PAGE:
Kalua Pork Fried Rice

For Nico’s 2nd birthday party, I made shredded kalua pork – it was easy and delicious. I got 2 5-pound bone-in pork shoulders with a nice layer of fat on top. To season, I used 1/4 cup of sea salt, 1/2 cup soy sauce, almost 1 whole head garlic (grated), 1 inch ginger (grated), and 2 teaspoons of liquid smoke. I put all these ingredients in a small bowl and combined thoroughly. I made about 1/2-inch cuts all over the pork shoulders with the the tip of a small knife then massaged the mixture into each. Since I didn’t want to drive the extra 10 miles to find banana leaves, I simply triple-wrapped the meat in foil. I managed to stuff both 5-pound shoulders into my large dutch oven. I put a little water in the bottom of the oven, popped on the cover and baked it at 350 for about 6.5 hours. Halfway through the cooking process, I turned the meat. This was to distribute the marinade evenly. The meat rested in the dutch oven with the lid off for at least an hour after taking it out. It was still pretty hot when I opened up the foil. I shredded it with 2 forks and my fingers. I have to admit that pulled pork doesn’t really look like anything special, but when the flavors are there, it’s really tasty!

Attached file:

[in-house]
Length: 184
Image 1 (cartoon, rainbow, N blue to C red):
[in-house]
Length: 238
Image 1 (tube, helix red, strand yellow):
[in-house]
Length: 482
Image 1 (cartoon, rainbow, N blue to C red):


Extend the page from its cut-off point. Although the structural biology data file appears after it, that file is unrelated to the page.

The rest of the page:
So … since I when overboard with the menu, there was quite a bit of the kalua pork left over. It makes for a great leftover item. For a couple meals, I simply put some in a dry skillet on medium heat and let it brown and crisp up in its own fat. We ate it with rice and other dishes. But one can only eat that so many times. What to do with the rest of the pork? Kalua Pork Fried Rice! Here’s the run-down:


  • leftover kalua pulled pork
  • 2 small onions (or 1 large onion)
  • 3-4 cloves garlic
  • 3-4 carrots
  • 4-5 stalks celery
  • 1/2 head napa cabbage
  • 2 eggs
  • pepper
  • 3-4ish cups cooked rice

Put the pork in a dry skillet on medium heat. Here’s the pork when I first put it on the heat:


Let it crisp up – this can take a while (20 minutes or so). Here it is crisping up:


Once the pork has some crispy brown bits, take it out and set aside:


While the pork is doing its thing, dice/mince up the vegetable matter.

IMG_1348 IMG_1352

Use the fat in the bottom of the skillet to fry up your vegetables (I had to add a little olive oil because there wasn’t quite enough fat). Once the vegetables have browned a little, thrown the pork back in with the 2 eggs and pepper.


Mix everything thoroughly and let it cook together. Add the cooked rice. Combine. Season to taste.

IMG_1356I served the fried rice with some miso shiru (miso soup), and my kids ate it up! Since the pork had been sitting in my fridge for a few days, it had become really salty. You may want to wash this dish down with some beer like I did (or water for the kids). Enjoy!

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